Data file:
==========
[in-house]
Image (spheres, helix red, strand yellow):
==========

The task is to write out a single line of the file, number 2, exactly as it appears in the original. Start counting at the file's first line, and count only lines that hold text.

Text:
Image (spheres, helix red, strand yellow):